Friday, March 6, 2009


Recently I posted a comment by Thomas Jefferson made a very long time ago, about those who would make us live cheek to jowl in urban feedlots, and do so today in the name of lowering our ecological footprints.

“When we get piled upon one another in large cities, as in Europe, we shall become as corrupt as Europe.”

I concluded that “Given this sentiment, it must be supposed that if he were alive today, Thomas Jefferson would definitely not be taking out a membership in the Green party, Greenpeace, the Sierra Club or the host of environmental NGOs in the growth management industry.”

Subsequent to that observation, however, I received an email from Jehovah, with whom I apparently share a family connection, being of Irish Catholic stock. It was said by my father that Jesus was most certainly an Irishman for three reasons---he was 33 and still single, he liked to booze up with the lads and his mother thought he was the Son of God. It is rumoured that God wanted Jesus to be born in the United States, perhaps as an “anchor” baby protected under the 14th Amendment and preferably in the vicinity of the White House. But He couldn’t find even Three Wise Men. In any case, according to Him, quoting His own words in Isaiah, Chapter 5, Verse 8:

" Woe unto them that join house to house, that lay field to field, that there be no place, that they may be placed alone in the midst of the earth!"

Now, despite His Celtic nature, some would question God’s credentials as a critic of land-use planning. After all, He authored no peer-reviewed studies and His economical summation of the folly of densification offers no empirical validation. And even He could not conjure up the miracle that our critics demand. He could not establish a formidable Think Thank devoted to stopping human population growth by eliciting the donations of institutions which have a vested interest in such growth. So therefore I would refer Him to another of His Irish media relations spokesmen---and my fellow British Columbian----Rick Shea, who wrote a definitive de-construction of the Smart Growth quack cure in “Smart Growth—the Worst Kind of Sprawl”.
As Rick explains in this excerpt:

“What then is wrong with the smart growth argument? Fundamentally, the energy and food requirements for suburban subdivisions and for very dense urban development are approximately the same. Indeed, many highrises use more energy per resident than a well-built townhouse, and not much less than a small well-built single family home. The Canada Mortgage and Housing Corporation states that, “on a floor area basis, (highrises) consume more energy than single family dwellings - even though the highrise unit has much less exposed exterior surface. And when compared to the leading edge Advanced House standards for energy consumption, multi-unit residential buildings consume three times the amount of energy per unit of floor area.” (

With dense development, the food must come from farther and farther away. Each new person requires additional farmland somewhere else in the country, or on the planet. And the denser the development, the farther the food must be transported. In the words of William Rees, “cities necessarily appropriate the ecological output and life support functions of distant regions all over the world through commercial trade.” ( )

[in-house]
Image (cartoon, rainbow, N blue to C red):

Then there is the issue of the “degraded land” portion of the ecological footprint. Degraded land is the land required for buildings, driveways, roads and highways, parking lots, businesses, public buildings, industrial infrastructure, railroads, airports, and garbage dumps (before reclamation, of course). A residential lot in suburbia is only a tiny portion of the degraded land footprint. Even highrise dwellers still require virtually all of that infrastructure, including highways and roads to escape the city for recreation (as there aren’t many golf courses and ski hills in the downtown cores of most large cities) and to bring in goods and services. As an example, those of us who live in British Columbia’s Okanagan Valley and Shuswap area know full well how many Vancouverites, Calgarians, and Edmontonians drive hundreds of kilometers on a regular basis for our recreational opportunities, putting more and more pressure on our natural areas as the populations of those cities continue to grow. Highways and roads seem to be under construction continually as traffic increases, with lanes added each year.

And silently, unknowingly, those urban Canadians are accomplices in other activities leading to resource exploitation in natural areas, and to creation of even more degraded land from industry and commerce, accompanied by even more waste and pollution.


Growth in the value of their stock portfolios, RRSPs, mutual funds, and pension plans relies heavily on these sorts of activities, even growth in many of the so-called “ethical” funds and investments. Yes, rural residents have the same issues, but the bulk of our population is in cities. This is just one more example of how the call for even more urban growth, through densification, has an impact on the planet – an impact that is hidden from those creating it. Out of sight, out of mind, but every little bit hurts.”

I think you will agree that Rick Shea’s words are those of a prophet and visionary---even though is no longer 33, or single, and seldom drinks with anyone, to my knowledge. God only knows.

Tim Murray,
March 3/09.

PS My thanks to Ross Bateman for forwarding God’s message to me, as my direct Internet pipeline to Him was disconnected when I stopped going to my weekly confessional and my dues to the Internet provider in the Vatican lapsed.

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